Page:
After oral argument, Judge Robert D. Drain issued a lengthy ruling from the bench. First, the court held that venue of the debtors' chapter 11 cases was "technically proper" in New York based on the plain meaning of §1408, even though Dixie Stores Inc. was newly incorporated. The court observed that §1408(a)(1) does not require a corporation to be domiciled in a district at least 180 days in order to file a case in that district, only that it be there for "a longer period of the 180-day period than anywhere else."13
Judge Drain then considered whether the cases should nevertheless be transferred based on either of the two prongs of §1412. The court noted that the "convenience of the parties" prong presented a "fairly close question," but ultimately found that the factors weighed in favor of keeping the cases in New York, which was recognized (in large part because of the location and preference of the debtors' larger creditors) as the "primary focus" of the debtors' restructuring.14
But even though New York was the most convenient forum, Judge Drain found that the "interest of justice" warranted transferring the cases to Florida. Specifically, the court focused on the stipulated fact that Dixie Stores Inc. was formed "solely to establish venue" and had "no economic substance" or "separate and valid reason for existing."15 While acknowledging that the text of the venue statute allows such action, the court held that, in the interest of justice, this loophole should be closed. Thus, in a clear signal to practitioners that there are limits to the ability to creatively manage venue, the court transferred the Winn-Dixie cases to Florida.
Despite ordering the transfer, the court took pains to point out that the debtors had not acted in bad faith or engaged in any improper forum shopping by filing the cases in New York. Specifically, the court noted that there was no evidence that the debtors filed in New York to obtain a debtor-friendly forum or a management-friendly forum, or to obtain any advantage over creditors.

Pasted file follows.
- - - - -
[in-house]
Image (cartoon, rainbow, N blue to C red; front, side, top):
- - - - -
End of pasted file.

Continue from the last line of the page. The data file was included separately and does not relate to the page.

Just as importantly, however, particularly for practitioners not involved in the Winn-Dixie cases, the court voiced unequivocal support for the practice of forum selection generally: "I do not believe it is otherwise improper to file within a district that Congress has expressly created for one. In fact, it may well be a duty to do so based on one's analysis of all of the facts at hand."16 And lest critics mistake his opinion as anything but an endorsement of appropriate venue analysis, Judge Drain also directly confronted attacks on the practice. In particular, after finding that Winn-Dixie chose its venue in good faith, the court referred to remarks to the contrary as "an unfortunate aspect of the venue debate," noting that "these types of allegations not only by the movants, but by purportedly learned professors and members of Congress, do no good to the bankruptcy system and impugn and malign the courts."17
Winn-Dixie undoubtedly sets limits on a debtor's ability to create venue for its chapter 11 case. At the same time, however, it clarifies that venue selection remains a legitimate part of a corporate debtor's chapter 11 planning and indeed may impose on debtors and their professionals a duty to actively weigh available venue options. Clearly, therefore, corporate debtors can and should continue to carefully consider all aspects of venue selection in connection with chapter 11 planning.
But while Winn-Dixie has answered some questions regarding venue, it raises other new ones. How close is too close to a chapter 11 filing for a subsidiary to be formed and serve as the basis for venue? Would the "interest of justice" warrant transferring venue established by a newly created subsidiary if that company also had a separate economic purpose? Will other jurisdictions adopt the Winn-Dixie principles or adhere to a bright-line rule? These questions, along with the ongoing criticisms of current venue rules, suggest that venue selection will continue to be an interesting issue for restructuring professionals for the foreseeable future.
2 28 U.S.C. §1408. If any location changes within 180 days before the bankruptcy filing, then proper venue will lie in the location that existed for the longer part of that 180-day period. Return to article
11 The Winn-Dixie chapter 11 cases were filed on Feb. 21, 2005, in the U.S. Bankruptcy Court for the Southern District of New York. The debtors maintained their corporate headquarters in Jacksonville, Fla., and had no operations in New York. Venue was established based on a subsidiary debtor, Dixie-Stores Inc., that was incorporated in New York. At a later hearing, the debtors stipulated that they had created Dixie Stores Inc. solely to establish venue. Return to article